Online Bible College
Carelinks Home
FREE Literature
'Bible Lives' Home
Bible Books Home
Buy this Book!
Bible Lives  

11. The exiles who returned

11-1 Ezekiel’s Temple: Based Upon Solomon’s Temple || 11-2 The Nature Of Prophecy || 11-2-1 Conditional Prophecy || 11-2-2 Human Response || 11-2-3 Tyre in Ezekiel 26 || 11-2-4 Delayed Prophecies || 11-2-5 Prophecies With Changed Fulfillment || 11-2-6 The Nature Of Prophecy || 11-3 Command More Than Prediction || 11-4 The Contemporary Relevance Of Ezekiel's Temple || 11-5 The Restoration: Potential Kingdom Of God || 11-6 The Potential And The Reality || 11-6-1 The Weakness Of Judah Under Nehemiah || 11-6-2 Isaiah's Prophecies Of Restoration || 11-6-3 Jeremiah's Restoration Prophecies || 11-6-4 Ezekiel's Restoration Prophecies || 11-6-5 The Cherubim And The Restoration || 11-6-6 Zechariah's Restoration Prophecies || 11-6-7 The Restoration Psalms || 11.7 “The prince" in Ezekiel || 11-7-1 " The prince" : Potential Messiah || 11-7-2 Zerubabbel- Potential Messiah? || 11.8 The Potential For The Surrounding World || 11-8-1 Haggai 2 || 11-8-2 Meshech And Tubal || 11-8-3 Joel Chapter 3 || 11-9 Different Sequences Of Prophetic Fulfillment || 11-10 Zechariah And Malachi: More Chances || 11-11 The Returned Exiles

11-8-2 Meshech And Tubal

This same possible sequence of events is outlined in Ezekiel- there could have been the restoration promised in Ezekiel 35-37, followed by the invasion by the surrounding nations in Ezekiel 38, and then the judgment of those nations and establishment of the Kingdom as detailed in Ezekiel 39.  We want to explore this sequence in more detail. Ezekiel 37 had its primary fulfilment in the return under Ezra. Then, Israel was given “a quickening” (Ezra 9:9 LXX), in fulfilment of how the dry bones in captivity were revived. At that time, Judah could have fully revived. But most of them chose to stay in Babylon. If there had been a full revival, then the events of Ezekiel 38 and 39 would have taken place. It has been suggested that there was a  primary fulfilment of Ezekiel 38/9 in an unrecorded invasion of the land at the time of the restoration. However, historical evidence for this is severely lacking (1). And yet the Scythian tribes such as Magog, Gomer, Meshech, Tubal etc. are all recorded as being the scourge of the Middle East at that time (2). They were marauding into more prosperous areas “to take a spoil”, especially “cattle and goods”, at around Ezekiel’s time. They could so easily have turned their attentions toward Israel. That invasion could have happened; but it didn’t.  But because Israel were not faithful the temple was not built properly, and therefore the Ezekiel 38 invasion didn’t happen, and therefore Yahweh’s intervention and establishment of His Kingdom as described in Ezekiel 39 didn’t occur. In some ways, the  Ezekiel 38 invasion and 39 defeat could have occurred but instead has been deferred until the last days.....because through that invasion the establishment of the Kingdom is led into. This suggestion makes sense of the thorny problem of Ezekiel 38:11 stating that the invasion would come at a time when Judah would be living in unwalled towns, without bars nor gates, “at rest”- which is the very language of Jer. 30: 10, that the restored Judah would be “in rest and be quiet”. The same word is used in Zech. 1:11 to describe how the land was “at rest” when the captives returned to rebuild Zion. Ezekiel 28:25,26 predicted, in a restoration context, that Tyre would be judged, and then Israel would plant vineyards and dwell “securely”. It seems that this was potentially possible; Judah could have become Yahweh’s battle axe against Tyre, the nations brought to fear Him, and then the Kingdom conditions would have begun. The dry bones prophecy of Ezekiel 37 seems to be saying that after the intended spiritual revival of Judah in captivity, they would become a “great army”; but by the rivers of Babylon they lamented exactly in the spirit of Ezekiel 37:11: “Our bones are dried, and our hope is lost: we are cut off”.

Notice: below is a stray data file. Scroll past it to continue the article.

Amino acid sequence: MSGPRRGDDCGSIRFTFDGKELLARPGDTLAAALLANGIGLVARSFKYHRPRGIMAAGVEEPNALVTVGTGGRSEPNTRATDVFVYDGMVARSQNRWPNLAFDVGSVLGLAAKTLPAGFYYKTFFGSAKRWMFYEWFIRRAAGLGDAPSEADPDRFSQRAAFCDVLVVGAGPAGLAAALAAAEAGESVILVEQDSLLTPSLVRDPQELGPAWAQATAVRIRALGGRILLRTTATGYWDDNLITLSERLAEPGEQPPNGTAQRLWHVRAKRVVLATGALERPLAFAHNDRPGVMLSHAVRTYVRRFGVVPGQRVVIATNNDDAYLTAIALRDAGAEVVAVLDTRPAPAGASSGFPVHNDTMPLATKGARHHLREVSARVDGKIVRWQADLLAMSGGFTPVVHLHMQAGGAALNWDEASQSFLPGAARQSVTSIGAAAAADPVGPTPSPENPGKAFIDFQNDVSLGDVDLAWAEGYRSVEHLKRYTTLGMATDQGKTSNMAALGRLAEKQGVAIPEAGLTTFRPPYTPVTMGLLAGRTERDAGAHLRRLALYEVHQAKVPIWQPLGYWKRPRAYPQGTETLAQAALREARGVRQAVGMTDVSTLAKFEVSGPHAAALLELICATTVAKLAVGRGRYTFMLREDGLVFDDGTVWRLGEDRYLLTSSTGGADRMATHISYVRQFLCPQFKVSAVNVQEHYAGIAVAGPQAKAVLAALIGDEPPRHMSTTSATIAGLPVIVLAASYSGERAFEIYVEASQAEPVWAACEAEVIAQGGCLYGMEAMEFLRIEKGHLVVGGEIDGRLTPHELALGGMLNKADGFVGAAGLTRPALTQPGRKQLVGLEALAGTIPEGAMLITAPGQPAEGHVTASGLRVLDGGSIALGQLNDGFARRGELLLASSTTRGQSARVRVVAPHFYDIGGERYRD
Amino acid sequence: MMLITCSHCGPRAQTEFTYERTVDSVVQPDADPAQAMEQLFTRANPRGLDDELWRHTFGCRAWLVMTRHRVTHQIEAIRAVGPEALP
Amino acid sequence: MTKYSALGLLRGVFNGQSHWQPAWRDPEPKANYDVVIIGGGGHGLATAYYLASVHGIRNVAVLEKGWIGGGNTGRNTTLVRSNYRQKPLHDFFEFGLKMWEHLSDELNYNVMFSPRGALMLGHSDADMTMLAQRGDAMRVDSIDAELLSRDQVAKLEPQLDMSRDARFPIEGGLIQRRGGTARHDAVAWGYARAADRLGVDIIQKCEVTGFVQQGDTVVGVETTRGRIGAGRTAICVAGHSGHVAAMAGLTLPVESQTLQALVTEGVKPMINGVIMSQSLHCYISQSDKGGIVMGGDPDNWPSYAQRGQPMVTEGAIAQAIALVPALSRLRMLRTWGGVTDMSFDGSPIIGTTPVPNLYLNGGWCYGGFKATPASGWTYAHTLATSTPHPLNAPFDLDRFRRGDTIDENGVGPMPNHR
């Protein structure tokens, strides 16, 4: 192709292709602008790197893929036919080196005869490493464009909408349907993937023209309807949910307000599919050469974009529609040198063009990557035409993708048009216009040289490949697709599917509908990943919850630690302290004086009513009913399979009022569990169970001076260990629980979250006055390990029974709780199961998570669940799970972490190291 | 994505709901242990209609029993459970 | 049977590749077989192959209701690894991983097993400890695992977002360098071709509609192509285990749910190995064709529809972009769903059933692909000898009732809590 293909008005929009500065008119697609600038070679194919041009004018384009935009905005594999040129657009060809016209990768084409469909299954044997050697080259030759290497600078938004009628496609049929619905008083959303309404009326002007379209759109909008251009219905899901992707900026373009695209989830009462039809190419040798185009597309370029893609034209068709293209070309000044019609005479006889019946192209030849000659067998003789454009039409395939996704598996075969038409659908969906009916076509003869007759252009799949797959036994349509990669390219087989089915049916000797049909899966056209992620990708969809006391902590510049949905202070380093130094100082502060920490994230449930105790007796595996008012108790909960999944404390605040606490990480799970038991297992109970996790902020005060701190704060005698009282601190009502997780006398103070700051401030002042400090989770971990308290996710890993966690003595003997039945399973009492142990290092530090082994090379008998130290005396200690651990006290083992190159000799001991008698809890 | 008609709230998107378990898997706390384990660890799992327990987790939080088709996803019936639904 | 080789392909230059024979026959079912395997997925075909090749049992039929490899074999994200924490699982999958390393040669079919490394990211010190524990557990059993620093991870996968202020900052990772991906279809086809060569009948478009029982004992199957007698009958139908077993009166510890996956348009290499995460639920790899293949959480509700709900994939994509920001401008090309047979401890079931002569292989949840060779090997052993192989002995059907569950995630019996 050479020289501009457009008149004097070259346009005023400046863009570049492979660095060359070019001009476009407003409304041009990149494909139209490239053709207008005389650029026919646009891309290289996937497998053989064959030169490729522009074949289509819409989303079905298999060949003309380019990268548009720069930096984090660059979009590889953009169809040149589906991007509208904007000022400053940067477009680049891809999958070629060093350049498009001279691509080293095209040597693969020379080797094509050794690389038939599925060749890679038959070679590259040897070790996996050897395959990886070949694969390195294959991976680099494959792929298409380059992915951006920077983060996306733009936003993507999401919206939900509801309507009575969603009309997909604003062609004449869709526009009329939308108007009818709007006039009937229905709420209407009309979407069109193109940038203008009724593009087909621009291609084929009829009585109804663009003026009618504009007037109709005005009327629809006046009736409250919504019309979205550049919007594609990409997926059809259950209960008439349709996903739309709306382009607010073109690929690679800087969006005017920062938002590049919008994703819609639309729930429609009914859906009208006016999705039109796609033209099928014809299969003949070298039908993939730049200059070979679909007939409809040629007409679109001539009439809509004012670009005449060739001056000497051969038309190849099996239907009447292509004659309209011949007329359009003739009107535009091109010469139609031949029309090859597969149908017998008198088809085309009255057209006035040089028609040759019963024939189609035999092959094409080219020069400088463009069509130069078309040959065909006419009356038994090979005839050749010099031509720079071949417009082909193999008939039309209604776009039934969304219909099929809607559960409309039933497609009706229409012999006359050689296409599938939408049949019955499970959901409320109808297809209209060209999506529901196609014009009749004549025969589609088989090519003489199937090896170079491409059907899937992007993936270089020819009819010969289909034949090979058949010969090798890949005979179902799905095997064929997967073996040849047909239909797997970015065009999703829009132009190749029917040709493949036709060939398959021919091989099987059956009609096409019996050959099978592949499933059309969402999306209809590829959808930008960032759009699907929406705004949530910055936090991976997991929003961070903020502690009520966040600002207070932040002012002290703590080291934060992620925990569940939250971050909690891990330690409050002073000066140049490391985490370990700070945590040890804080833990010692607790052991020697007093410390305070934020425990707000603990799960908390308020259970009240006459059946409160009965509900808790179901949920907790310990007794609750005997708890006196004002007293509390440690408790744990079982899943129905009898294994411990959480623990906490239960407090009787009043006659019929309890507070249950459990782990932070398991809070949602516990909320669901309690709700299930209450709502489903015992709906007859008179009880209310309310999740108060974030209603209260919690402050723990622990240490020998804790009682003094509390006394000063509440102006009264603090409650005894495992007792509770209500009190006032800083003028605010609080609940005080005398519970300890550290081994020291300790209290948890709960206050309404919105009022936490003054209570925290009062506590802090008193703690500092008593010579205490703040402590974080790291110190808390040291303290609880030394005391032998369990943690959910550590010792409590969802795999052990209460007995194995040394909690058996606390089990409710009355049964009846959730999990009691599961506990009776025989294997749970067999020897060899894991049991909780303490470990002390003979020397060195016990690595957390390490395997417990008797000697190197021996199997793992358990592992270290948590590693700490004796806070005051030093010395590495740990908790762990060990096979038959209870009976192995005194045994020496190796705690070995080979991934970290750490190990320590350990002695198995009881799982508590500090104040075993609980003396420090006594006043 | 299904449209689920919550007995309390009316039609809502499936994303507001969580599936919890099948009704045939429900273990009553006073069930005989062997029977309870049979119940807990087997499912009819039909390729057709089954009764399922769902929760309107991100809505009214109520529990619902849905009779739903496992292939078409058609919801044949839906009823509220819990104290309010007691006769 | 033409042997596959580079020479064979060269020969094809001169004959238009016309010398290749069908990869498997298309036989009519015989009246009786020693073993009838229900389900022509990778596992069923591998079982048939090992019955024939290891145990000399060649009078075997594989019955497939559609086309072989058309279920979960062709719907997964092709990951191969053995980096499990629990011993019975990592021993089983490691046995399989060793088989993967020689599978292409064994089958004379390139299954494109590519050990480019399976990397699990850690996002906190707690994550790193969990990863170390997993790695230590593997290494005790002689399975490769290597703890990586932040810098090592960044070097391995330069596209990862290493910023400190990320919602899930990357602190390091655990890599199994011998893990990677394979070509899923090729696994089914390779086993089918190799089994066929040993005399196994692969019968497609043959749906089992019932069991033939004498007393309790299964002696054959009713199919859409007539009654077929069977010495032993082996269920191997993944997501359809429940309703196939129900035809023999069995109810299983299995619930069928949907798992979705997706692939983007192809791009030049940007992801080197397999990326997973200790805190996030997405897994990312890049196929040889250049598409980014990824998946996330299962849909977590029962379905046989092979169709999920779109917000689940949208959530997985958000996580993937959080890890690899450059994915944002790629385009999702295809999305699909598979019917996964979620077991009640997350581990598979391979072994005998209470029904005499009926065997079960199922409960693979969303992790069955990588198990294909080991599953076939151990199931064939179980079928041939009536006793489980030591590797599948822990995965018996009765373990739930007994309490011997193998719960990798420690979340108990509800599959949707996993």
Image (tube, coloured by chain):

Zech 2:4 had foretold that “Jerusalem shall be inhabited as towns without walls for the multitude of men and cattle therein”, seeing that Yahweh Himself would be as a wall of fire around her to protect her from her adversaries (Ezra had recognised this promise, that God would be a wall to them- Ezra 9:9). Note how this prophecy is introduced by an Angel with a measuring reed measuring out the rebuilt Zion (Zech. 2:1), just as we have in Ezekiel 40. But Judah disbelieved the promise of a Divine wall of fire, and insisted on building a physical wall to protect them; and the record in Nehemiah has plenty of reference to their setting up of bars and gates in their fear (Neh. 3:3,6,13-15). By doing so they disallowed the fulfilment of Ezekiel 38:11, and thereby precluded what was prophesied as subsequently following. If they had trusted Him and paid their tithes, their cattle would have multiplied, and the Scythian tribes would have come down to seek to take them, as Ezekiel 38:12,13 foretold. But as it happened, their cattle were diseased and their agriculture not blessed because of their dilatory attention to Yahweh’s house that lay waste (Haggai 1:11). So therefore there was no invasion, and no victory against the nations, and no Kingdom established at that time.